It starts with how we still haven't cured ourselves of calling him Opie. At age 59, Ron Howard has directed 30 or so feature films. Some of them — Splash, Apollo 13 — have earned permanent shelf lives in the great American public's esteem. He has won enough awards to teach an octopus to juggle. Yet we life members of the Snotty Critics' Club have remained unmoved. We love to signal how trivial we think he is by referencing his now ancient past as sitcomland's answer to Tom Sawyer.
That's especially true for those of us who grew up with Howard the actor and can't help thinking of him as a quasi-sibling. Because our acquaintance with him predated our ability to form opinions about anything except Gerber, the bond is more or less involuntary, which helps explain the snottiness. All the same, only a crackpot would devote valuable brain cells to hating Ron Howard. So far as we know, he's never been anywhere near that nasty about anything or anyone, making hating him a loser's game by definition.
"Absence makes the heart grow fonder" is a phrase. While often used to describe the passion that lovers experience when forced apart for a long time, it also succinctly illustrates my relationship with the no. 1 verified-Twitter-account-user diving competition on television, Splash.
I went strong for the first three episodes, with thorough recaps complete with commentary, speculative drug-use accusations, and GIFs, but then I hit a wall. I couldn't do it anymore. Each Tuesday evening, I thought about turning it on and writing about it for the next day, but for four straight weeks (Episodes 4-7), I couldn't get myself to do it.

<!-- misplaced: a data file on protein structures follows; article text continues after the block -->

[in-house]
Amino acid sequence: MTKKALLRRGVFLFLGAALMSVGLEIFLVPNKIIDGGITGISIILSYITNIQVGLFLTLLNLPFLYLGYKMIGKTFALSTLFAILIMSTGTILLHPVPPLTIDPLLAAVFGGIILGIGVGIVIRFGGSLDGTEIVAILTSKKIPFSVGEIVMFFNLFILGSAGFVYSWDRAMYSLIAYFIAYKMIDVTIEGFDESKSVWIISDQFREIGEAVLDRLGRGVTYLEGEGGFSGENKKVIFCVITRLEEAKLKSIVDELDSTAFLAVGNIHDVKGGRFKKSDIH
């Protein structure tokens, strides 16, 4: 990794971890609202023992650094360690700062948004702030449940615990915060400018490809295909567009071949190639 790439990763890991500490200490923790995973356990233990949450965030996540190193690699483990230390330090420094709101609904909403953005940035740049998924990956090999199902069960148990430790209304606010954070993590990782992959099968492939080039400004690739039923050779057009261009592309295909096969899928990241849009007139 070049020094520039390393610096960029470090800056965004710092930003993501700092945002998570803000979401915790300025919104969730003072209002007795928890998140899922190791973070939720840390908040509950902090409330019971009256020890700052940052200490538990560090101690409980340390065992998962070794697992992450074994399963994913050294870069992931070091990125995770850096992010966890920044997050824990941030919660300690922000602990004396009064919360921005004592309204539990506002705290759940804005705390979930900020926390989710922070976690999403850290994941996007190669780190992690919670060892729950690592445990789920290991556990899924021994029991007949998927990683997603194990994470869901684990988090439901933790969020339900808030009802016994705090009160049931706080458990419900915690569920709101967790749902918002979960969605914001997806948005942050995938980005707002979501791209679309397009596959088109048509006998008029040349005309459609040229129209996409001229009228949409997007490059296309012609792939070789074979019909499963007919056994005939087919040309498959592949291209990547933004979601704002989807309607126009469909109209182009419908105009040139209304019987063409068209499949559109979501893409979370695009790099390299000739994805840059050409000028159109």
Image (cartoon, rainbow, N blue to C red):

But now we're here. The final episode. And while ridiculous, it's time to give this show a proper sendoff.
It's Splash, ABC's reality show about water displacement. In this, the third episode, titled "Week 3" (I still can't believe they refuse to name these episodes), the premise of the show switches from solo dives to TEAM DIVES.
This is a very smart move, Splash. I can only hope this results in the big matched with the small, the fearless matched with the terrified, and maybe even a flirtatious pairing or two. However it shakes out, thank you for finding a way to keep me interested for another week.
Welcome back to Splash, ABC's high-diving competition starring a collection of athletes, thespians, and Miss Alabama USA 2012 Katherine Webb. In a surprising turn of events, both this show and these recaps have made it to a second week, throwing both Vegas and the other networks for a loop.
In Episode 1, titled "Week 1," five of our 10 contestants squared off and hilariously dove off boards of varying heights. The first to be eliminated, in line with many a horror movie script, was The Cosby Show’s Keshia Knight Pulliam.
It's finally here. The ABC show of the late-winter/early-spring/St. Patrick's Day–to–Memorial Day corridor we've all been waiting on.
Rumored by some as a last-minute addition to President Obama's American Jobs Act, Splash is an elimination reality show featuring 10 people of varying levels of celebrity and employment that centers on mastering the art of the high dive.
ESPN executive vice-president John A. Walsh asks film director Ron Howard for some advice on how to improve ESPN. Ron suggests that John emulate the unique player profiles given by legendary Los Angeles Dodgers sportscaster Vin Scully.